Regards Neil

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white exec
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Re: Electric Vehicles-Infrastructure

Post by white exec »

Most of the comms faults that Simon lists are understandable, but there's another device that relies on pretty much the same set of comms links, and in the same (often remote) locations - ATMs.* These, generally, don't break down, despite often extremely heavy use. and being mechanically very complex. The difference is, they are designed and maintained decently, by folk who know what they are doing, and there are also service standards and a decent complaints procedure, let alone almost universal service access by any card holder.

It's a good example of what happens when you let any tom, dick or harry open up and install service (charging) points, in the absence of central planning, agreed technical standards and robust construction. It's absurd and indefensible, but alas typical of a 'let the market decide' approach. It's only a matter of time before the unavailability of one of these charging points actually becomes a matter of life or death.

* One more example is smart-meters. Comms are essential to allowing these to operate, and most of them are capable of communicating via various channels, including down the supply line.

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Re: Electric Vehicles-Infrastructure

Post by NewcastleFalcon »

This is the current thinking of those tasked by the UK Government to come up with the answers

Image

Downloadable here, but could be hard going :) On the same link there is a two hour launch video, followed by a one hour panel discussion video should the printed version be a little stodgy :)

https://www.lowcvp.org.uk/projects/elec ... kforce.htm

Regards Neil

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Re: Electric Vehicles-Infrastructure

Post by NewcastleFalcon »

^^^^^ even for the most enthusiastic EV Infrastructure enthusiast that is heavy going. It comes up with 21 Proposals each with a bit of "government commissioned report" babble but this is what they propose on the obvious matter of making Public Chargepoints Easy to use, and requiring universal availability.....for new installations starting "Spring 2020".
In line with Government's announcement in July 2019 [28], that from spring 2020 all new rapid and high-powered chargepoints must offer credit and debit card payment options, the Electric Vehicle Energy Taskforce believes that chargepoints that offer contactless payment options should be seen as meeting roaming requirements
From a user point of view that's probably all you are bothered about, enough chargers in place, and you can access them all without being a member of a club, and pay for it with a bank card.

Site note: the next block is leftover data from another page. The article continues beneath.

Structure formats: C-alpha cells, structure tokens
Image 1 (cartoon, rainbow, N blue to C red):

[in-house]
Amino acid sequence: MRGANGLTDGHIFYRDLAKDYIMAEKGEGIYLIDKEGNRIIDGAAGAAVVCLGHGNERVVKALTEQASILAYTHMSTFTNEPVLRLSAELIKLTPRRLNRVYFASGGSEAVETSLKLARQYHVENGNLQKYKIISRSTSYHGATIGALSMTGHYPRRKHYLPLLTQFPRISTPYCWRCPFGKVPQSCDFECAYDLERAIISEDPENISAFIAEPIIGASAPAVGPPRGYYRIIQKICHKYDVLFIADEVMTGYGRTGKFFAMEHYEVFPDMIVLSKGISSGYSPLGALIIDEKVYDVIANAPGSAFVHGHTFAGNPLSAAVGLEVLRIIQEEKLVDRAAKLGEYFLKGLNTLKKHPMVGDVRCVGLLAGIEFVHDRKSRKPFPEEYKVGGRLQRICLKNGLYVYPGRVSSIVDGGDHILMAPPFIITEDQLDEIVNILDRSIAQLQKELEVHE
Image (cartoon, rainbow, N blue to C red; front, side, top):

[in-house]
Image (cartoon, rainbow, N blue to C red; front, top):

The report obviously goes into weightier matters than that, including many items with that "smart" adjective placed in front of them...smart grid, smart charging, smart meters. Dumb would satisfy me if they worked, and simply dispensed electricity and let me pay for it. :-D but then again I don't run the national grid, am totally uninterested in my own "data" or anyone elses, and don't have to think about how to protect the network from cyber attacks orchestrated from a Nissan Leaf plugged into a charging point :-D
Page 39 <br />EV EnergyTaskforce Report Jan2020
Page 39
EV EnergyTaskforce Report Jan2020
REgards Neil

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Last edited by NewcastleFalcon on 11 Mar 2020, 11:58, edited 1 time in total.

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Mandrake
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Re: Electric Vehicles-Infrastructure

Post by Mandrake »

NewcastleFalcon wrote:
11 Mar 2020, 09:56
In line with Government's announcement in July 2019 [28], that from spring 2020 all new rapid and high-powered chargepoints must offer credit and debit card payment options, the Electric Vehicle Energy Taskforce believes that chargepoints that offer contactless payment options should be seen as meeting roaming requirements
From a user point of view that's probably all you are bothered about, enough chargers in place, and you can access them all without being a member of a club, and pay for it with a bank card.
Is this document fully up to date ? I know that contactless payment options being mandatory was originally proposed, however as far as I know this requirement has now been dropped and it is sufficient for a charging network provider to offer "pay as you go" use of their services, (as opposed to requiring a membership etc) and that doing so via a smartphone app meets the criteria for pay as you go access to the charging network.

In short, as far as I know contactless is and will not be mandatory, and I think this is a massive mistake if true.

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Re: Electric Vehicles-Infrastructure

Post by NewcastleFalcon »

Mandrake wrote:
11 Mar 2020, 10:30
Is this document fully up to date ?
The report is January 2020 Simon, and "launched" Mid February...pretty much bang up to date, and they are proposals to be considered by the Government to implement or not as the case may be. The proposal as stated is for all new installations from "Spring 2020".

Regards Neil
Last edited by NewcastleFalcon on 11 Mar 2020, 10:52, edited 1 time in total.